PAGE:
Super Bowl XLVIII at MetLife Stadium in 2014 is supposed to be historical. It will mark the first time in NFL history that a Super Bowl has been played in a cold weather stadium, and the first hosted at the home of the New York Jets and New York Giants. Unfortunately, things have gotten off to a rocky start due to concerns over weather, the omission of the NFL Experience and, more recently, some political maneuvering courtesy of a group of New Jersey Mayors.
Michael Copley of The Record reports that a group of mayors from the Meadowlands District have threatened to prevent emergency services and police officers from working the event due, in large part, to lack of payment for previous municipality services unrelated to the Super Bowl itself.
"The stadium has done little to help offset any costs for the surrounding communities when larger events occur at the stadium," Secaucus Mayor Michael Gonnelli said in a press release earlier this week. "With one of [the] world’s largest sporting events coming to the East Rutherford venue, there is little doubt that the mayors will be expecting a call that their services are needed. … The answer will be clear: don’t ask."
Gonnelli added that local towns will make a "concerted effort" to avoid participation in any and all events related to the Super Bowl.
"It is unfortunate that our neighbors would issue a press release of this nature at a time when most of the New Jersey and New York metropolitan region is working together to produce a great Super Bowl in February 2014," Hanlon said in the email. "[The Super Bowl] will have a tremendous positive impact on the region and the neighboring towns surrounding MetLife Stadium. [And] we are more than willing to meet with the mayors at any time to discuss their concerns and improve communications and relations."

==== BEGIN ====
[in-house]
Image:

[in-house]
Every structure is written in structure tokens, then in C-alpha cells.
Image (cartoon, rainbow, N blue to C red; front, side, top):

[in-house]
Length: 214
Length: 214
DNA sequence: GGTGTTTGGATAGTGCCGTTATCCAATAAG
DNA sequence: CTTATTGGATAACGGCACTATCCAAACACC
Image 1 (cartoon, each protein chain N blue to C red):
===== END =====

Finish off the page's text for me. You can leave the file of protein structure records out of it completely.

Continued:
Another issue, says East Rutherford Mayor James Cassella, is the deal the Giants and Jets received to build the stadium, which calls for $5 million annually in rent and more than $6 million annually in tax payments to East Rutherford.
"It’s probably the worst agreement for the state of New Jersey and for the taxpayers of New Jersey that’s ever been signed in the history of the state. It was just horrible," Cassella said recently. "Unfortunately, [the teams] don’t care about paying."
Carlstadt Mayor William Roseman added to Cassella's statement, saying "the teams have never been good corporate neighbors."
Once poised to be an incredible event, the NFL and local politicians seem to be going out of their way to ruin it. It's unfortunate for each of the local teams, whatever NFC and AFC teams will be represented in the Super Bowl and, most importantly, the fans.
There's still time to correct many of the issues facing the event, but as each day passes, the situation seems to get worse as opposed to better – and we here at Giants 101 have little faith the NFL and local politicians can get their heads out of their rear-ends in time.
Also…Football, MetLife Stadium, New Jersey, New York, New York Giants, New York Jets, NFL, Pat Hanlon
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